Paving the way with sustainable swine breeding

Published on Jan. 18, 2022

Paving the way with sustainable swine breeding

Sustainable breeding was a logical step from balanced breeding. Hypor, the swine brand of Hendrix Genetics, has been dedicated to balanced breeding for many years and our product portfolio which generates profitability for the entire production chain demonstrates the fruits of our labor. Sustainable swine breeding strengthens that philosophy, by ensuring our products satisfy the existing and growing needs for the pork chain to be economically viable, socially acceptable, and environmentally sustainable. As a global leader, we are setting the standards on economic, social, and environmental sustainability and this evolution is more important than ever.

A foundation built on economics

For a sound pork sector and as a driving factor in every production phase, economics is very important. The genetic progress we aim to deliver with our Hypor sows, piglets, finishers, and pork, creates economic returns for the entire pork chain. Our breeding philosophy starts with a calm, (feed) efficient sow, that is easy to manage and with the capacity to wean her own piglets, all in a longer reproductive life. Farm labor is a scarce resource and should not need to be used on tasks that a sow, selected for self-reliance, can perform. A part of self-reliance includes having a sow with the right number of teats, providing her piglets with quality colostrum and milk to keep them strong and healthy.

Characteristics of piglet quality such as piglet birth weight and litter uniformity are also easily related to economic viability. Research supports that when piglets are born with a heavy birth weight, they are more likely to survive, grow faster, and reach full value at the packing plant. At Hypor, we have set a standard for sustainable piglet birth weight at 1.5 kg (3.3lbs), which is a standard we are meeting today. The other piece of piglet quality is the uniformity of piglets within a litter. By breeding for better uniformity at birth, this continues throughout life, bringing uniform finishers, with strong growth and sustainable feed conversion in our entire product portfolio, delivering full value from wean to the finish line. Our goal is to hit the sweet spot on the grid through excellent carcass characteristics. This includes high carcass yield, low drip loss, the right level of muscle depth, fat depth, and lean meat with the desired color and marbling for any market.

Hypor support people

A focus on social sustainability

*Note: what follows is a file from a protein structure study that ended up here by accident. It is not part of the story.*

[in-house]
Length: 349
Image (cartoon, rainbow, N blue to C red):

Including selection criteria for self-reliant animals that thrive in all environments ensures that we simultaneously set new standards on social sustainability. Animals that can take care of themselves, with less intervention or support, are an important component of the social sustainability of animal agriculture. This includes sows that perform well in any housing system, as areas around the world have moved or will progress towards free housing for gestation and farrowing systems.

Viable piglets that have heavy and more uniform birth weights within a litter are more likely to survive. Today, we already have very few lightweight pigs at birth. This means already there is evenly matched competition for teats, less piglet management, cross-fostering, and caring for small piglets. All these factors result in happier, healthier pigs. On top of that, we are researching new genetic technologies to eliminate animal treatments like castration, as well as vision and sensor technologies to remove the need for tail-docking. In the end, delicious and nutritious pork is our ultimate promise to the consumer as sustainable breeding and husbandry practices gain further social acceptance.

A smaller footprint on the environment

Hypor is raising the bar on environmental sustainability because we all have this responsibility. To reduce the industry’s footprint, introducing sustainable conversion ratio (SCR) is a key component because there is more to feed conversion than simply calculating feed volume against meat volume. Of course, the continual genetic improvement in feed conversion is key, but we also need to research the effects of emission reducing diets and alternative ingredients; as both are needed to resolve the food-feed-fuel conflict.

While improving feed conversion is the most efficient way to reduce the environmental impact of the pork sector, pigs are considered nature’s easy eaters, natures own recyclers. This means they have the potential to be used to reduce the amount of food that ends up as waste. Food and food by-product waste is also a waste of the land, labor, water, and nutrients that were invested in growing it. A more sustainable way to measure feed conversion is by adding the environmental impact into the ratio and switch to SCR.

Join us!

Join us on this new journey. Setting the standard in sustainable swine breeding, which is our contribution to Better breeding today for a brighter life tomorrow.

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